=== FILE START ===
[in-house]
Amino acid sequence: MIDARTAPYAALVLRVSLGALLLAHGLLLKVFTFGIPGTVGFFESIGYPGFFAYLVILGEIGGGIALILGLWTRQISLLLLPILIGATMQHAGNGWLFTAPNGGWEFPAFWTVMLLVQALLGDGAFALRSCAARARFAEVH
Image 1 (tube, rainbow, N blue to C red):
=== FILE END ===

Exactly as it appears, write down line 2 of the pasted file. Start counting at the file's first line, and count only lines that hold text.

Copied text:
Amino acid sequence: MIDARTAPYAALVLRVSLGALLLAHGLLLKVFTFGIPGTVGFFESIGYPGFFAYLVILGEIGGGIALILGLWTRQISLLLLPILIGATMQHAGNGWLFTAPNGGWEFPAFWTVMLLVQALLGDGAFALRSCAARARFAEVH